After senator Ted Kennedy's death in 2010, Republican Scott Brown successfully campaigned to take Kennedy's vacated senate seat for the last two years of the late senator's term. During the abbreviated senatorial campaign, Scott Brown felt it necessary to lionize Ted Kennedy in all his campaign speeches to avoid antagonizing Massachusetts voters. Chappaquiddick the movie will prove how unnecessary it was Scott Brown to do so. Ted Kennedy was the last man to deserve it.

The writers and producers of Chappaquiddick have done the nation and the world a great service in showing the REAL Ted Kennedy, the womanizing, alcohloic, immoral criminal that he was. He took the name of an already disgraced family and brought it down to an even lower level.

KUDOS to Jason Clarke as Ted Kennedy. This amazing Australian actor becomes Kennedy in every facial expression, gesture, and voice modulation. We have seen him in Terminator Genisys as John Connor; among his other movies are Dawn of the Planet of the Apes, Zero Dark Thirty, Twilight, Serenity, and Pet Sematary.
KUDOS to Kate Mara as Mary Jo Kopechne. Her credits include, among others, House of Cards, The Martian, Transcendence, Iron Man 2 and Brokeback Mountain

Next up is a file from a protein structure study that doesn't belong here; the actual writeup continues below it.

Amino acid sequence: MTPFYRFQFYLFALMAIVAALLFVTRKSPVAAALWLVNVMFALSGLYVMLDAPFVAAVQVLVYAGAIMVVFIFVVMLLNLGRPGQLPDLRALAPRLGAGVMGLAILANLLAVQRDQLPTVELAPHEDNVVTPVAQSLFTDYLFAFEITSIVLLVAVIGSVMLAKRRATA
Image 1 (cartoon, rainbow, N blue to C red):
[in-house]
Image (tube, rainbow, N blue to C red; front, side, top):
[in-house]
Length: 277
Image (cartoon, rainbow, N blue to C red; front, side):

KUDOS to Bruce Dern as Joseph Kennedy. I have missed seeing Bruce in films. As a younger man, he was one of my favorite actors. Of course, the career of his daughter Laura has been outstanding. Bruce was seen in The Hateful Eight, Django Unchained, Big Love (TV Series), The Astronaut Farmer, Monster, The Haunting, Mulholland Falls, The Great Gatsby, They Shoot Horses Don't They? and many others. The one for which I remember him best is The Laughing Policeman.

Did You Know?

From the phone booth, Ted asks to make a collect call to his father. However, he never identifies himself as Ted Kennedy; just Ted; and never tells the operator whom he is calling.
Jason Clarke, who plays Ted Kennedy is this film, was born on July 17th, 1969, just one day before the Chappaquiddick incident on July 18th, 1969.
The extras to play the captain and the deckhand on the ferry sequence are actually captains and deckhands on the boat in real life dressed up to match their 60's counterparts
Though not mentioned in the movie, there were three other men at the cottage with Ted Kennedy, Joseph Gargan, and Paul F. Markham. They were Charles Tretter, Raymond La Rosa, and John Crimmins.
Part of the film was filmed in Rockport, Massachusetts.
When Ted is being chastised by his lawyers for his actions, they refer to his actions as "John Wayne stuff." Bruce Dern, who plays Joseph Kennedy, Sr. in this film, had previously appeared with Wayne in the film The Cowboys, killing his character. It was one of Wayne's few on-screen deaths.